Gram-negative, facultatively anaerobic, rod-shaped, non-spore-forming bacteria of the family Enterobacteriaceae. Also oxidase-negative, indole-negative, and urease-negative. The genus Enterobacter ferments lactose with gas production during a 48-hour incubation at 35-37°C in the presence of bile salts and detergents.
Several strains of these bacteria are pathogenic and cause opportunistic infections in immunocompromised (usually hospitalized) hosts and in those who are on mechanical ventilation.
The urinary and respiratory tracts are the most common sites of infection.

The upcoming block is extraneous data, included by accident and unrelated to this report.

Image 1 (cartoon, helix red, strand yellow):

The genus Enterobacter is a member of the coliform group of bacteria. It does not belong to the fecal coliforms (or thermotolerant coliforms) group of bacteria, as does Escherichia coli, because it is incapable of growth at 44.5°C in the presence of bile salts.
Two clinically important species from this genus are
E. aerogenes and
Important considerations: The choice of an agent should be based on local antimicrobial sensitivities, site of infection, cost, and comorbid conditions. Generally, the most common agents/regimens are listed first.